Three Rivers
History From America's Most Famous Valleys

The Campaign of Lieut. Gen. John Burgoyne
and The Expedition of Lieut. Col. Barry St. Leger.
by William L. Stone.
Albany, NY, Joel Munsell. 1877.

No. XIII. Continued


"In 1795, the then Due de La Rochefoucauld-Liancourt visited the famous battle fields of Saratoga, and in his published account of his travels in the new world upon his return gives a graphic account of the scenes of Burgoyne's surrender.

"I have seen," says the Duc, " John Schuyler, the eldest son of the general. For a few minutes I had already conversed with him at Schenectady, and was now with him at Saratoga. The journey to this place was extremely painful, on account of the scorching heat; but Saratoga is a township of too great importance to be passed by unobserved. If you love the English, are fond of conversing with them, and live with them on terms of familiarity and friendship, it is no bad thing if occasionally you can say to them, ' I have seen Saratoga.'

" Yes, I have seen this truly memorable place, which may be considered as the spot where the independence of America was sealed ; for the events which induced Great Britain to acknowledge that independence were obviously consequences of the capture of General Burgoyne, and would, in all probability, never have happened without it. The dwelling-house of John Schuyler stands exactly on the spot where this important occurrence took place.1 Fish creek, which flows close to the house, formed the line of defence of the camp of the English general, which was formed on an eminence a quarter of a mile from the dwelling. The English camp; was also entirely surrounded with a mound of earth to strengthen its defence. In the rear of the camp the German troops were posted by divisions on a commanding height communicating with the eminence on which General Burgoyne was encamped. The right wing of the German corps had a communication with the left wing of the English, and the left extended towards the river. General Gates was encamped on the other side of the creek at the distance of an eighth of a mile from General Burgoyne, his right wing stretched towards the plain; but he endeavored to shelter his troops as much as possible from the enemy's fire until he resolved to form the attack. General Nelson, at the head of the American militia, occupied the heights on the other side of the river, and engaged the attention of the left wing of the English while other American troops observed the movements of the right wing. In this position Gen. Burgoyne surrendered his army. His provisions were nearly consumed, but he was amply supplied with artillery and ammunition. The spot remains exactly as it then was, excepting the sole circumstance that the bushes

1 This is of course, and error.--Author.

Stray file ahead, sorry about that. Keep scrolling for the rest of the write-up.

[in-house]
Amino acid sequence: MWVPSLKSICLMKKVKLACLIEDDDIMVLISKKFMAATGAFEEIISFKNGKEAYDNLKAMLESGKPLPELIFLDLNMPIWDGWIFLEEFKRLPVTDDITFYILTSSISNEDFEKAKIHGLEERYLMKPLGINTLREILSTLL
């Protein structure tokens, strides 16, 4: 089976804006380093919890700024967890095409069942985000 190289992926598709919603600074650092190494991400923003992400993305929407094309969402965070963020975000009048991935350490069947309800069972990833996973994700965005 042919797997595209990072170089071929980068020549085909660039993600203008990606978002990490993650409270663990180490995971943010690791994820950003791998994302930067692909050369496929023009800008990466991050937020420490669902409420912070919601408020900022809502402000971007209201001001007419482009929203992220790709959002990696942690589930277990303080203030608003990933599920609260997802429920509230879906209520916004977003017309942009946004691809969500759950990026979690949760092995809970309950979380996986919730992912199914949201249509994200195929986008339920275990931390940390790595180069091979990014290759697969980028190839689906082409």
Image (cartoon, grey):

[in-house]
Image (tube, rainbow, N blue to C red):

which were cut down in front of the two armies are since grown up again. Not the least alteration has taken place since that time. The entrenchments still exist; nay, the footpath is still seen on which the adjutant of Gen. Gates proceeded to the English general with the ultimatum of the American commander; the spot on which the council of war was held by the English officers, remains unaltered. You see the way by which the English column, after it had been joined by the Germans, filed off by the left to lay down their arms within an ancient fort which was constructed in the war under the reign of Queen Anne; you see the place where the unfortunate army was necessitated to ford the creek in order to reach the road to Albany, and to march along the front of the American army. You see the spot where Gen. Burgoyne surrendered up his sword to Gen. Gates, when the man, who two months before had threatened all the rebels, their parents, their wives and their children with pillage, sacking, firing and scalping, if they did not join the English banner, was compelled to bend British pride under the yoke of these rebels, and when he underwent the two fold humiliation as a ministerial agent of the English government to submit to the dictates of revolted subjects and a commanding general of disciplined regular troops, to surrender up his army to a multitude of half-armed and half-clothed peasants. To sustain so severe a misfortune and not to die with despair exceeds not, it seems therefore, the strength of man. This memorable spot lies in a corner of the court yard of John Schuyler, he was then a youth twelve years old, and placed on an eminence at the foot of which stood Gen. Gates, and near which the American army was drawn up to see their disarmed enemies pass by. His estate includes all the tract of ground on which both armies were encamped and he knows as it were their every step. How happy must an American feel in the possession of such property if his bosom be anywise susceptible of warm feelings ! It is a matter of astonishment that neither congress nor the legislature of New York should have erected a monument on this spot reciting in plain terms this glorious event and thus calling it to the recollection of all men who should pass this way to keep alive the sentiments of intrepidity and courage and the sense of glory which for the benefit of America should be handed down among Americans from generation to generation."
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